So at some point in the last year a geeky/nerdy "themed" cafe opened up in my current hometown and having gone there a few times now makes me extra sad that what can only be called "the nerd boom" (with how being nerdy has become a lot more mainstream than it ever has before, your milage may vary whether this is a good thing or not) only happened once I had gone off to college since I would have loved to have hung out and met people at this cafe when I was in high school. Of course this isn't going to stop me from hanging out at it for the next couple of months and while a friend and I were casting about for something to do she remembered that they also show indie films there and the one they were showing this week seemed kind of interesting so why not see an indie documentary about a famous magician?
Deceptive Practice: The Mysteries and Mentors of Ricky Jay
Summary: Ricky Jay is a fantastic magician whose been preforming for years and along the way he's gotten a lot of help, and stories, from earlier pros.
The Good: This may sound a bit odd but my favorite part of this whole documentary was a rather short bit with a British journalist who had come to interview Ricky Jay as he was working with someone on a film (a different one than this I believe) and she summed up his personality rather well, the good and the bad of it. I was a bit surprised they had even included that part, usually when you see a documentary about a living person they don't outright state their flaws, but since this was a story about both Ricky Jay and about all the magicians he met it makes more sense and I plan on trying to find her article to read later on. What really makes this documentary work however is that it's clear that Ricky Jay is a fantastic magician, I've never heard of him so the documentary had to convince me on it's own but it did a great job and Ricky Jay also did a great job at showing why all his various mentors were so inspiring to him through all his various stories. He choose good stories, they were all the right length, the film didn't seem like it had too many or too few, this just felt like a well-thought out and produced documentary all around.
The Bad: Even though this film was barely an hour and a half long it still felt a little long to me and I would have liked it to have been a little shorter. I'm not sure what I would have cut out since nothing felt superfluous, but it did seem to drag a little at times and I would have liked it if the pacing was a bit snappier. Other than that, since I'm not a stage magic aficionado I felt like some things, such as references and stories about quite a few magicians from the 20th century, went over my head. This isn't necessarily a bad thing but this isn't a film with a wide audience and while I do think it was good and people should see it if interested but if the initial summary or this review hasn't made you interested in it skip it and watch something that does have your attention instead.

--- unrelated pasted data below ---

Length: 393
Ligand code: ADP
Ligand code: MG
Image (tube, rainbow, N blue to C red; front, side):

Production Values: Thankfully, unlike the last documentary I talked about, this one was competently done! There were two hiccups where the screen looked a bit weird during the film but, since these were at points when the film was showing some very very old footage I don't know if they were problems with the footage (which they decided to use anyway), a problem with the specific DVD used for this showing, or an encoding problem that affects all of the DVDs. In any case, while annoying both of those moments were short enough that it didn't draw me out of the film long. There were a couple of scenes which I would have filmed differently (tip, if you've been focusing on the same, unmoving subject for so long that you have to zoom both in and out to keep it interesting you probably need another camera angle to intersperse) but as I've said before, I'm fine if documentaries aren't super visually interesting and as it was this one worked just fine.
I'm giving this 3 out of 5 stars for being well done and worth seeing if it sounds interesting, and I'll probably remember it for a while since I've never seen a documentary about this before, but in the end it just wasn't for me and I found it a bit dull.